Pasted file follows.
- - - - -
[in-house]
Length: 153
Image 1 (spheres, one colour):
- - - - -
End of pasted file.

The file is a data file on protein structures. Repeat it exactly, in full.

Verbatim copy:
[in-house]
Length: 153
Image 1 (spheres, one colour):